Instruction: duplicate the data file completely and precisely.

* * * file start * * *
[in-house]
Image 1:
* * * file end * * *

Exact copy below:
[in-house]
Image 1: